Friends 'very happy' as underground wharf is granted monument status
A HERITAGE group aiming to revitalise a Derbyshire canal says finding funding to help make the waterway navigable should be easier now that an historic underground dock has been granted ancient monument status.
The Friends of Cromford Canal had been calling for the wharf below the former Butterley Company iron foundry, Ripley, to have the status for three years.
The wharf was used for vessels that shipped weapons from the site during the Napoleonic Wars.
Raw materials, like coal, limestone and iron ore, were also delivered via the underground dock and pulled up to the foundry through a shaft. Finished pieces were lowered through another shaft.
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Now that English Heritage has granted the site ancient monument status, the wharf, the section of Butterley tunnel in which it lies and nearby blast furnaces will get more protection from developers.
The Friends want to make the waterway's 17-mile length – from Langley Mill to Cromford and Pinxton – navigable by boat.
Currently, no part of the canal is navigable, with nine miles still "in water", four miles where the bed is intact but dry, and four miles destroyed – though a one-mile stretch from Cromford Wharf to Leawood Pumphouse is set to be opened this summer for boat trips.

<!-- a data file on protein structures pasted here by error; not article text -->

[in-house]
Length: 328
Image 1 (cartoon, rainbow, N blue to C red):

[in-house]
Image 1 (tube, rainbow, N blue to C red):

Friends chairman Patrick Morriss said that the wharf's new status could help attract funding for work to repair part of Butterley tunnel, which closed in 1900 following a partial collapse.
He said funding was more likely because the status means the wharf site would become eligible to go on English Heritage's Buildings At Risk register – proving the urgency of repair work.
He said: "It improves our case for going to funding bodies like the Heritage Lottery Fund for cash to refurbish that part of the canal.
"We are very happy that the new status has come to fruition."
The status was decided on after English Heritage officials reviewed pictures taken by officers from the Canal And River Trust, formerly British Waterways, when they inspected the wharf for damage.
An English Heritage spokeswoman said the new status was similar to that for listed buildings and meant that developers would have to prove they would not "damage the site's historical significance" if they made changes.
Mr Morriss said he understood there was a developer interested in building on the former foundry site but nothing had been finalised.
He said that the new status had "come at the right time".